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Yahoo Makes The Case: ‘We’re Doing Okay’; Why Microsoft Offer Is Too Low; Evaluating Alternatives

imageYahoo (NSDQ: YHOO) has claimed that Microsoft’s (NSDQ: MSFT) buy offer significantly undervalues the company. Now it’s trying to explain why. The company has filed financial projections for the coming year, affirming its prior outlook, while predicting solid growth in the years to come. The company notes that all of its projections were cooked up prior to Microsoft making its offer. Key highlights (the full presentation is embedded below):

Financial outlook: For the coming quarter, the company is standing behind current guidance. That’s significant, since earnings miss would weaken their hand in the ongoing negotiations. Operating cash flow is expected to grow from $1.9 billion to $3.7 billion by 2010, while revenue ex-TAC is expected to hit $8.8 billion in the year. That would represent about 25 percent annual revenue growth from 2008.

Strategy: In the filing, the company reiterates that it remains a “must-buy” for advertisers, due to its breadth, considering how many users it touches. It also trots out well-worn stats, that in areas like webmail and personal homepages, it remains a leader. Going forward, its touting new innovations, like open search and Yahoo Buzz. It also notes that initiatives like Panama, designed to increase revenue per search, are still in their early days, so it’s premature to say that any boosts from that are already baked in. Altogether, search revenue is expected to grow by $1.4 billion over the next three years, with yield improvement contributing to about two-thirds of the growth.

Display: Like Google (NSDQ: GOOG), Yahoo claims it’s got good things going in display advertising. Unlike in search advertising, where the market is dominated by just a couple of players, display is wide open, meaning plenty of upside to a company that could establish itself as a central, ad-serving platform. By 2010, the company expects to touch 28 percent of this market. In terms of the financial impact from display, it anticipates 12 percent annual growth rates and yield gains of 15 percent each year. This area is expected to tack on about $1.9 billion in extra revenue, with more than half coming from yield improvement.


Read this doc on Scribd: yahoopresentation

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Lots more after the jump.

Other growth areas: Mobile and emerging markets, with the letter expected to show 30 percent CAGR through 2010.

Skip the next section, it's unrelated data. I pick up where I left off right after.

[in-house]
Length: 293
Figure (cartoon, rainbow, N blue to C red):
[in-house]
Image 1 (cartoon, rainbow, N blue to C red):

‘Dear Microsoft, please raise your bid’: Page 27 of the filing details all of the ways Microsoft stands to benefit should it acquire Yahoo: “Yahoo! provides meaningful strategic value and warrants a significant acquisition premium above its equity value in a potential change of control transaction.” It looks like the company is basically telling Microsoft that if it wants to make the deal happen, it needs to raise its bid. Consider this to be the counterpoint to the sales pitch Microsoft delivered to Yahoo last week.

–Key points: 1) Microsoft’s “sub-scale” ad assets stand to benefit from what Yahoo’s built up. 2) Yahoo’s Asian assets will be a boon to Microsoft. 3) Cost synergies will make Microsoft’s internet assets profitable. It cites a JPMorgan report predicting cost savings 2x-3x Microsoft’s $1 billion projection. 4) The proposed multiple isn’t up to par with other deals.

The bottom line: “The presentation supports the unanimous determination by the Company

4 Responses to “Yahoo Makes The Case: ‘We’re Doing Okay’; Why Microsoft Offer Is Too Low; Evaluating Alternatives”

  1. Ralph Freely

    MSFT couldn't have known this, but they made their offer too early. They should have waited until now and offered $25. MSFT should not pay another cent for Yahoo, and given the ongoing financial crisis, US recession, and the stock market downward plunge (today's bump due to Fed 3/4 point action is just another false positive), Yahoo's stock price is being propped up by MSFT alone. Luckily, Jerry Yang's head in the clouds dilly dallying is just the window of opportunity MSFT needs to retract and/or lower the offer.

  2. mocorocker

    I think Yahoo is going to get creamed in the medium-long run. Let's not forget they had their chance to be what Google is today and they blew it. This MS opportunity will prove no different.


  3. there you go…..good job, Yahoo.

    is it possible that we'll see a scenario where microsoft raises its bid some more, yahoo evaluates it as a 'strategic alternative', and in the 3-4 months all this plays out, yahoo actually meets/outperforms its quarterly targets…(rendering the microsoft offer impotent, in the process)?

    i'm beginning to get less concerned about the yahoo-story at this point, and more curious about the microsoft-story.
    where would microsoft be 4 months down the line if their (rather obscene) show of muscle still ends up in failure?